This is the northern tip of the American Great Basin Desert (which extends to Mexico) and the south end of the Okanagan Valley– the trampoline jump to the Golden Mile. A map pinpointing the location of every winery in this area looks something like a Bingo card dabbed by a drunkard. It’s easy to feel overwhelmed by the proximity and clever names. Burrowing Owl was a must for me because they’re generous to our feathered friends. While Cariboo Brewing Company donates 10% to restoring forests ravaged by the Asian Pine Beetle, Burrowing Owl puts 100% of their tasting donations to owl rehab restoration projects. I like drinking responsibly!

All the reds we tried at Burrowing Owl were silky and big on the barnyard mouth-feel. Or, as the tasting notes suggested, “bacon and pastry crust.”

See Ya Later Ranch—the playful dog-centered winery donates 100% to the local SPCA. They sell everything from neon dog ponchos to dog-friendly peanut butter to a snappy Brut. We scooped a Jimmy My Pal chard/pinot gris but were quite sorry that we weren’t hungry enough for a patio perch lunch overlooking the rolling wine terrace. For those in the hood: How about their Brie LT? Brie, basil pesto, garlic confit and tomato with a fennel balsamic reduction.

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Oliver Twist—check out the cool vintage cars! The winemakers here are young bucks—35 and mad for the vintage hot rods. The Summer Passion Rose would be a fun pour to swirl on a June afternoon.

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Black Widow—the name and branding sucked us in naturally. The 2012 Phobia was a punch of black raspberry and seductive throughout. The port was a complete surprise. Aged 21 months in French oak barrels, this one would be a crowd pleaser with a chunk of Fair Trade sea salt-flecked dark chocolate in the mix.

Oh, it was difficult not to go all Sideways, but Kim was driving and I was getting cranked on so many sips. We bypassed Laughing Stock, Misconduct, Howling Buff and Ruby Blues. Silver Sage Winery with their infamous bottles with submerged hot peppers would have to await a future Golden Mile redux. Same with Hester Creek and their wood-fired potato and truffle pizza and Tuscan sausage-stuffed calzones.

Canada’s wine capital of 20 wineries in 20km is rather dreamy. Unfortunately, wine tours with shuttles demand $60++ bucks a person. Instead, we reasoned, for $120 you can have one dedicated taster and drive away with five decent bottles.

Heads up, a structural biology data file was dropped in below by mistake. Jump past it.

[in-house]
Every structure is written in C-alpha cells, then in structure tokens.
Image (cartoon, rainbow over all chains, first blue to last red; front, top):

And, it was my birthday after all. So, as dedicated taster, we swooped in on one last winery: THERAPY. It seemed appropriate.

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Part of the Naramata Bench, the labels here are completely Freudian, of course! I quickly chose a syrah, the best accompaniment for our soak in the tub later that night at the Naramata Heritage Inn and Spa.

Backtrack: Our original plan was to stay in Penticton, possibly in a yurt (inconveniently located just feet from the highway). That was a blow-out. It’s just a big box city, clogged with traffic and with zero charm. The only saving grace was that the tourist info centre also had a wine tasting area. The staff there directed us to Naramata (Therapy also had a guest house, but, it was rather remote and we wanted to park the car for the day and get into the vino purchases).

The Naramata Heritage Inn was formerly a girls school house built in 1908. With just 12 rooms, the hotel is intimate, complete with creaking stairs and wonky hallways. I love sleeping in history– a byproduct of owning a 153-year-old home I suppose.

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We stopped at the local general store and picked up some of Penticton’s Cannery beers (the only praise-worthy thing about Penticton—especially the Anarchy Ale and Naramata Nut Brown), Old Dutch jalapeno chips and another block of cheese. Kim and I were born to picnic, indoors and out.

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The Inn, with the soaker tub and nostalgia oozing out of the floorboards was pure Romance 101. The rooms had the requisite plush robes and Aveda products to pimp out the bath with a dose of rosemary-mint. There was even a bottle of lavender linen spray.

But first, before the lounging—some sweat. We snaked up through the vineyards to the Kettle Valley Rail Trail and hiked to Little Tunnel (a 4.4km one-way jaunt). The views were surreal, and despite our mutual imaginary bear sound detection (and rattlesnake warnings!) we were left unscathed and seriously moved by the elevation and view over the Naramata bench.

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Day’s end: The Naramata Inn balcony. The sky had threatened us with rain and then shifted. Near the wharf the Damson purple clouds softened with sunset. We read a few chapters of our books (mostly out loud to each other), shared some olives, bites of cheese and unmatchable stillness.

And then, a soak and some Therapy. The best start to 40, I’d say.